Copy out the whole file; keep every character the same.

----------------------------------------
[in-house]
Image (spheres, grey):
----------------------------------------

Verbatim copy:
[in-house]
Image (spheres, grey):